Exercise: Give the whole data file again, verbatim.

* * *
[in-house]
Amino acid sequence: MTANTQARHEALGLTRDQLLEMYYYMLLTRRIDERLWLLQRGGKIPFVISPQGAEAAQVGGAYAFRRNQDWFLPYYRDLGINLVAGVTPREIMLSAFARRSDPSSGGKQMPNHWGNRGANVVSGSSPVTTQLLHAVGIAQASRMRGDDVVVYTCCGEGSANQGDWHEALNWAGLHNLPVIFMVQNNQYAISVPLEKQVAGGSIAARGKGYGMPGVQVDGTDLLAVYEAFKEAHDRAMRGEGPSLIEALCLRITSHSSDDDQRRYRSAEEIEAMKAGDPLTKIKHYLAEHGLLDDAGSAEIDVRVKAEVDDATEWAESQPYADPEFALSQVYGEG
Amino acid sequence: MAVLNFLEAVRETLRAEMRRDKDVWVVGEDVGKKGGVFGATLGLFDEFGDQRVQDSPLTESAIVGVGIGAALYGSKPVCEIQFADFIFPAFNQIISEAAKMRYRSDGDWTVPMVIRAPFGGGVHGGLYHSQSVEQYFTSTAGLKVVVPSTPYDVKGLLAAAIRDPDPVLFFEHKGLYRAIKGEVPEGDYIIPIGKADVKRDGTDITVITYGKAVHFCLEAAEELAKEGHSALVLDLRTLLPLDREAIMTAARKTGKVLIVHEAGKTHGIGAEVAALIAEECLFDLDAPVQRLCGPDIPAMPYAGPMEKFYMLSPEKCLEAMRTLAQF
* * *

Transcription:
[in-house]
Amino acid sequence: MTANTQARHEALGLTRDQLLEMYYYMLLTRRIDERLWLLQRGGKIPFVISPQGAEAAQVGGAYAFRRNQDWFLPYYRDLGINLVAGVTPREIMLSAFARRSDPSSGGKQMPNHWGNRGANVVSGSSPVTTQLLHAVGIAQASRMRGDDVVVYTCCGEGSANQGDWHEALNWAGLHNLPVIFMVQNNQYAISVPLEKQVAGGSIAARGKGYGMPGVQVDGTDLLAVYEAFKEAHDRAMRGEGPSLIEALCLRITSHSSDDDQRRYRSAEEIEAMKAGDPLTKIKHYLAEHGLLDDAGSAEIDVRVKAEVDDATEWAESQPYADPEFALSQVYGEG
Amino acid sequence: MAVLNFLEAVRETLRAEMRRDKDVWVVGEDVGKKGGVFGATLGLFDEFGDQRVQDSPLTESAIVGVGIGAALYGSKPVCEIQFADFIFPAFNQIISEAAKMRYRSDGDWTVPMVIRAPFGGGVHGGLYHSQSVEQYFTSTAGLKVVVPSTPYDVKGLLAAAIRDPDPVLFFEHKGLYRAIKGEVPEGDYIIPIGKADVKRDGTDITVITYGKAVHFCLEAAEELAKEGHSALVLDLRTLLPLDREAIMTAARKTGKVLIVHEAGKTHGIGAEVAALIAEECLFDLDAPVQRLCGPDIPAMPYAGPMEKFYMLSPEKCLEAMRTLAQF